Jul 12, 2013
Philosophy author visits Saracens
Saracens were visited by philosophy journalist and writer Jules Evans this week, when the ‘Philosophy of Life’ author delivered a lecture to over 20 Saracens players.
Jules was invited by Saracens David Jones (himself an ex-Philosophy student) to speak with the players about how ancient philosophy, virtue ethics and the Greeks’ ideas of the good life can help Saracens players in the world of professional sport, and Evans was impressed with reaction of the Saracens players to some of the ideas he introduced to them.
“Sportspeople, on a daily basis, are faced with the questions that Socrates first raised: is it worth being an ethical person? What is the appropriate trade-off between external and internal goods? What does it mean to succeed at life? How do we cope with external pressures and still maintain a good character?” explained Evans in his online blog after Tuesday's visit.
“After the talk, several players came up and shook my hand, which was heart-warming, because I’d wondered how my talk would go down, as a small philosopher in a world of big athletes. I came away having learned something from the team about strength. If even rugby players can learn to take care of themselves and each other, if they can learn to find the right balance between banter and vulnerability, between pressure and acceptance, there’s hope for us all.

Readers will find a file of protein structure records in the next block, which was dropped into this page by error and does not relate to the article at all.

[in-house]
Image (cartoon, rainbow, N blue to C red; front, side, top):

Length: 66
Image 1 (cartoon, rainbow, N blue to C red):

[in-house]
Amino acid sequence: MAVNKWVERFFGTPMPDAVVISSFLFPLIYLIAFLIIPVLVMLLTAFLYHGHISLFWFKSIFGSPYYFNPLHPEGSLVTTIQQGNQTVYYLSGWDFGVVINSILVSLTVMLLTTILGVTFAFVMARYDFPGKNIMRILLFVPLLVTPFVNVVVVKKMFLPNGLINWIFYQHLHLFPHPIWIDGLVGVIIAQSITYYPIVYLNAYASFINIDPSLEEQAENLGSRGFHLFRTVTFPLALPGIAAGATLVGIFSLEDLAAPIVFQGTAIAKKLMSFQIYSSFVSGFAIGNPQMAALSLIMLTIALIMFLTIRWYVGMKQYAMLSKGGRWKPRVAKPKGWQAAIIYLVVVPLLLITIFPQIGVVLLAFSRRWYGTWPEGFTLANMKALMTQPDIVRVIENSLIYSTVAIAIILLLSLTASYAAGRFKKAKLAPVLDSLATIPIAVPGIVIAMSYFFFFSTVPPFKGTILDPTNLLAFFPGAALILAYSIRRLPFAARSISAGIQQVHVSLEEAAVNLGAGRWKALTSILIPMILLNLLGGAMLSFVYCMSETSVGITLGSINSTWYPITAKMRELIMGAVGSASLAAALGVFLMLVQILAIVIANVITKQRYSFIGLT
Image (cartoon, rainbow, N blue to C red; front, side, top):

29 year-old Nils Mordt was one of the twenty plus players in attendance and the versatile pivot enjoyed the lecture so much that he has now began reading Evans’ latst work ‘Philosophy for Life’.
“The meeting was very insightful. Jules made us look at our everyday lives and how we react to things in a slightly different way” Mordt said.
“The thing I took away from it most was that if there is something that you feel you react negatively about, or get angry with in certain situations or you find yourself getting down in certain situations there is an opportunity to ask why you do that?”
“Meeting like this can give you completely different perspective, as rugby and professional sport can insular; you spend your day thinking what you do as a player and as a club in 100% correct, but having somebody outside of sport who doesn’t necessarily know what you do for a living can offer you a alternative way of looking at how you live your life and make yourself a better person”.
“It’s very refreshing and it definitely adds to us as individuals and I suppose in tern if you are a better person or a happier person in your personal life, then you can give little more in a team environment.”
“I’ve got his book now and I’m just starting to read it; it is something that certainly interests me” added Mordt.
For more information about Jules' work visit his website >> http://philosophyforlife.org/